Recently I wrote a short article in the Financial Times which said that Business Schools needed to change radically if they were to be fit for the 21st century.
I thought that all I would get from the schools would be pushback against the idea. Instead the wonderful Karthik Kannan, a Professor at Purdue’s Krannert School of Management, contacted me to say that he agreed!
They are struggling with the fact that, while they have made MIS a core module that all students take, it’s hard to get students to be interested, they are either technology agnostic or advanced programmers already.
The student’s view is that technology moves so fast that whatever they learn now is not going to be relevant in the future. That is true but the important thing for them to learn it not the particular technology, which will be overtaken, but why technology is important and why they should stay up to date.
Clearly their approach to technology is not the only thing that business schools need to change but looking at the curriculum the sensible things to include would be:
- How does technology disrupt?
- Some examples from the history of disruption so that they can recognise disruption when it happens
- The ability to understand enough technology to be able to understand its possibilities and its limitations and its potential applications to whatever business they are in
- Creating a case study of the effects that current technologies may have in particular industries – for example what are the effects of drones and driverless vehicles in the logistics industry?
- How to counter threats and exploit opportunities
It really comes down in the end to business schools teaching critical thinking about more than just balance sheets.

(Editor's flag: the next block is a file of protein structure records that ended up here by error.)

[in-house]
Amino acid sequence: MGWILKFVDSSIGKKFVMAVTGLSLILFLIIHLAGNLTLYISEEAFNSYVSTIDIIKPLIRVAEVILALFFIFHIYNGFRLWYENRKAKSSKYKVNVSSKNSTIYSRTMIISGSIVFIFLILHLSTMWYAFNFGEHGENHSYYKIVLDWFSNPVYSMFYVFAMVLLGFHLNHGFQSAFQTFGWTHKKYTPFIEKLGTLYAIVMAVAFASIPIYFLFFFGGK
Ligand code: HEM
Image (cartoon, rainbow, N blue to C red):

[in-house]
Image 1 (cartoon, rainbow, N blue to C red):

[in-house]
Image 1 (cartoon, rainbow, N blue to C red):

And that takes us to the second change that business schools need to make.
They need to get closer to business. There is far too big a gap between the corporate and the academic world. Almost all business schools are part of universities and academic thinking is driven by considerations of academic prestige that drives funding. The two worlds need to get much, much closer so that the work that universities do has its roots in the messy reality of business. Academics need to work in business, business people could usefully step back and look at the bigger picture from an academic perspective. Schools are spending far too much time teaching “stuff” when they should be teaching people to think.
Facts are universally available, thanks to the internet, but in this age of information overload how do you teach people to distinguish between good and bad information. What is needed are thinking frameworks that can create the sorts of outputs that can bring innovation and creativity to both the business and the academic world.